(tape rewinding) (bluegrass music) - [Garrison] There was a man sitting on his front porch and the pastor came by and they sat and talked about theology for a little while.
And the pastor asked the man if he believed in infant baptism.
And the man said "Believe in it, hell, "I've seen it done."
(audience laughing) A humorist has to, has to, has to what?
What was I about to say?
(laughter) I was distracted, if everyone would just be perfectly still I'm sure I... (laughing) - When did you decide to become a writer, and why?
- I grew up in a fundamentalist Protestant family that stressed that we were a select people, and so we were to avoid contact with others who did not share our faith.
We were isolated.
And, perhaps, growing up in this world, first of all, one has a reverence for the word, and for language, God spoke to us through the word, and in our family this was the King James Bible.
It also, I think, gave books, fiction, great power, because they were proscribed.
We were not to touch them, and my family was shocked when I came home with a volume of Hemingway when I was a boy, and I wanted to read it.
So there was a price to be paid for being interested in fiction and in writing.
Pushing my family away.
Books and authors became my family.
It's a decision however that continually seems temporary, that you're never quite sure you've made it absolutely.
I'm only 52, so I made a sort of tentative chice that has lasted this long, but, I could still fall back on retail sales.
(laughing) - Being considered a humorist, are you constantly aware that it's time to come up with something as clever as you've just described, or to be comic in some way?
- I think that you're only obliged to be a humorist from maybe the age of 18 until you turn 30.
Past the age of 30, I don't think there's any obligation to be clever at all.
After that, you, I think, are supposed to settle down, be a good person, raise your children, and be good to your friends which you may not have been when you were very clever.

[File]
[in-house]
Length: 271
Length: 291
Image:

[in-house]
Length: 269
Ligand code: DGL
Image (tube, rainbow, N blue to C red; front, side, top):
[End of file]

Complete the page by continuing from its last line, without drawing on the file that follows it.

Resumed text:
And try to atone for your cleverness.
Humor has to surprise us, otherwise it isn't funny, and, it's a death knell for a writer to be labeled a humorist, because then of course, it's not a surprise anymore, it's what's expected of him.
And when you come to expect humor of people, you will never get it.
Looking for it, demanding it, expecting it, what you do is to kill off every joke you ever come across.
Humor in writing needs to come in under cover of darkness and be disguised.
It has to surprise people.
You don't want to get that sort of badoing, badoing, badoing sound in your writing, that boing, that gives you away.
Humor is not about problems with airline luggage handlers, it's about our lives in America.
And it's about the ends of our lives, it's about everything that happens after that and everything that happened before.
- [George] Well you paint this lovely picture of the piece going up and then immediately appearing in the magazine, I was wondering if sometimes, at the New Yorker they say, "Well you know this is not quite up to snuff."
Or however they would put it.
- [Garrison] Well, you see though, when the New Yorker turned down work, they turned it down in such an elaborately gentlemanly way, making apologies for their own shortsightedness, and undoubtedly it was their fault, but somehow, for some reason, this fell short of the remarkably high standard that you, by your own work have set for yourself.
(laughing) They had a way of rejecting my work that made me feel sorry for them somehow.
(laughing) (tape rewinding)